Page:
If they were here before you, steal their land. This is essential. Basically, just go in there and take it. If you have to kill some of them to get it…no worries. If you have to kill almost all of them to get it…shit, no worries. After you steal their land, make sure you create laws to keep them from ever returning to it. If they try to return anyway, build fences, and let bands of POC vigilantes patrol the borders with guns. If they somehow get past the borders and into your country, no worries, you can always just deport them.

3. Enslave their minds.

From these systems, build a long lasting institution of reverse-racism until all the violence and microaggressions make many white people into suspicious people with a lot of internalized self-hatred, health problems, and mental illnesses. Then deny them access to adequate mental health care. Or, adequate health care of any kind, while you’re at it. Cause, you know, fuck ‘em.

4.  Wipe out and/or appropriate their customs.

Since many of their customs are savage and unworthy of preserving, wipe out their traditions of eating mashed potatoes and meatloaf, playing miniature golf, buying khakis at Banana Republic, and sleeping with thousand-count Egyptian cotton sheets. For the customs you think are kinda cool, culturally appropriate from them. Sometimes wear a beret and lederhosen, because Swedish culture is really exotic even though it’s inferior to ours.

5.  Break their espresso machines.

With baseball bats or large hammers. Or, you know, just unplug them all.

6.  Call them “cracker”.

As people of color, we have been rightfully accused of being racist to white people, especially when we call them “cracker”. As we all know, calling them “cracker” is egregiously offensive and horribly shocking because of this long, violent, reverse-racist history.

7. Just keep being terrible to them.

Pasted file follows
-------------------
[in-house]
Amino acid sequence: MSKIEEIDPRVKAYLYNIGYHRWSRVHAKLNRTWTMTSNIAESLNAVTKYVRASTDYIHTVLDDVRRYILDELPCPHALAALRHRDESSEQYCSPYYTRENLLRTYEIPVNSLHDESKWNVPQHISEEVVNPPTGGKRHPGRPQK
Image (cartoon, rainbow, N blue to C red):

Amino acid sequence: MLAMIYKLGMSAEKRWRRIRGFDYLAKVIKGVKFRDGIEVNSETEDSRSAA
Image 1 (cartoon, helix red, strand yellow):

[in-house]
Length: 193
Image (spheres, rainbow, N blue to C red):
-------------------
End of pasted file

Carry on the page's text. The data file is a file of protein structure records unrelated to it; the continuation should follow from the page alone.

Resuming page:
Do everything you can think of to make it so that white people make less money; their children are shot by cops; white women are at higher risk for assault and they are exotified until they no longer seem human; white men are beaten and thrown into jails because they look “suspicious” and “threatening”; they are racially profiled everywhere they go.

8. Make sure most representations of them in the media are negative.

They should almost always be portrayed as pasty, stringy-haired, rhythm-less, sexless, uptight, and booooring. Also, there should be very few representations of them and when they’re portrayed at all, they should always only be the comic relief, the silent exotic sex object, the Debbie Downer, or the incompetent sidekick. They are only allowed to be easily forgettable, one-dimensional character. Sometimes use POC actors in white-face to portray these white people. By presenting this ONE image of them all the time, you will be able to convince the rest of the population that all white people are like this, thus ensuring a widespread belief in their inferiority.

9. Keep telling them how beautiful they are not.

White people know they will never be beautiful with their boring sour cream complexions and blonde hair (that was actually caused because of mutations). Plaster people of color on every magazine, show them in every television show and movie, and praise them as the most beautiful. When white people cry at these injustices, bottle their tears and sell them as health creams for people of color. Nothing like a soothing lotion made from the pain of white folks!

10. Finally, force them underground to become even whiter, albino people while you laugh manically like the cruel, bloodthirsty, oppressive person of color you are. Take their thousand-count Egyptian cotton sheets to make POC-supremacist flags and hoods and march through the streets, spreading fear and terror. Every time a white person thinks your behavior is unfair or wrong, tell them that they should stop being so sensitive. We live in a post-reverse-racial society now. Jeez.

*Digging this blog? Support it and queer, trans*, and gender-non-conforming writers of color! We need you! Please go HERE!!

A.D Song was voted “most likely to be a bitter old cat queen who capitalizes on punching people in the face”. They is a glitter, floral, black pleather-wearing androgyne who experiences repeated hair woes. Ze are really into vegan food, DIY, glitter, combat boots. She is not interested in your racist, anti-trans*/anti-queer, transmisogynistic, white supremacist ideas; He is a highly allergic & will bite your head off. Fear the yellow peril.


Mia McKenzie is a writer and a smart, scrappy Philadelphian with a deep love of vegan pomegranate ice cream and fake fur collars. She is a black feminist and a freaking queer, facts that are often reflected in her writings, which have won her some awards and grants, such as the Astraea Foundation’s Writers Fund Award and the Leeway Foundation’s Transformation Award. She just finished a novel and has a short story forthcoming in The Kenyon Review. She is a nerd, and the creator of Black Girl Dangerous, a revolutionary blog.